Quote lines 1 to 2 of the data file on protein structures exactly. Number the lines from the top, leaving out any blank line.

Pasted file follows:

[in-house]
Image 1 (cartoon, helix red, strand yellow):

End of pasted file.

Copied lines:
[in-house]
Image 1 (cartoon, helix red, strand yellow):